Aharonov–Casher effect

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The Aharonov–Casher effect is a quantum mechanical phenomenon in which a traveling magnetic dipole is affected by an electric field. It is dual to the Aharonov–Bohm effect, in which the quantum phase of a charged particle depends upon which side of a magnetic flux tube it comes through. In the Aharonov–Casher effect, the particle has a magnetic moment and the tubes are charged instead. It is used for example to observe interference of neutrons or fluxons.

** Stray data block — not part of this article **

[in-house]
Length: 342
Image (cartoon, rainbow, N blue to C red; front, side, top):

In both effects the particle acquires some phase shift (\varphi) while traveling along some path P. In the Aharonov–Bohm effect it is

\varphi_{AB} = \frac{q}{\hbar} \int_P \mathbf{A} \cdot d\mathbf{x}

While for the Aharonov–Casher effect it is

\varphi_{AC} = \frac{1}{\hbar c^2} \int_P (\mathbf{E}\times \boldsymbol \mu) \cdot d\mathbf{x}

where q is its charge and \boldsymbol \mu is the magnetic moment.

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